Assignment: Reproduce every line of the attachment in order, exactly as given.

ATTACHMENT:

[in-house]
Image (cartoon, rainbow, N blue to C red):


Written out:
[in-house]
Image (cartoon, rainbow, N blue to C red):